The U.N. refugee agency is rejecting complaints by members of Kenya's parliament about the way the agency is managing two refugee camps in northern Kenya. But the agency said it will meet with the Kenyan politicians Thursday to try to resolve the matter.
Four members of Kenya's parliament said local people near the Kakuma and Daadab camps are suffering because of the presence of the refugees.
But a U.N. refugee agency spokesman, Emmanuel Nyabera, said the charges are misleading. He said the local people have benefited greatly from the UNHCR's presence.
"We have built a magistrate's court and DO's (district officer's) office in Daadab. We have donated vehicles to the police force. We support education programs. For example, Daadab High School, we have constructed two classrooms. We give free water, free electricity. We have sunk boreholes (wells) for the local community in both Daadab and Kakuma. So it would be really insincere to say that we have not done anything to help," Mr. Nyabera said.
The UNHCR spokesman also rejected statements that refugees looking for firewood are damaging the environment in what are extremely arid, famine-prone parts of Kenya. He said it is local people who are being paid to supply firewood so that the refugees do not go out and collect it themselves.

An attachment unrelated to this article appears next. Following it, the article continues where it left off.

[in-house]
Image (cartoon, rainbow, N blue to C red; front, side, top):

"In fact, the whole idea of supplying firewood to the refugees is one of the programs we have initiated to reverse environmental degradation. What happens is that we give a tender to these particular people who first of all have to belong to the local community. So the whole aspect of saying that we give awards to people from outside is not sincere," Mr. Nyabera said.
Three local people were killed in Kakuma on Friday during a demonstration to demand higher prices for the firewood they sell to the United Nations.
Last week, two members of Kenya's parliament threatened to burn down the Daadab refugee camp unless the UNHCR relocated it within one week. The U.N. agency said it is the Kenyan government that decides the site of refugee camps.
Kenya is host to more than 230,000 refugees, mainly from Sudan and Somalia.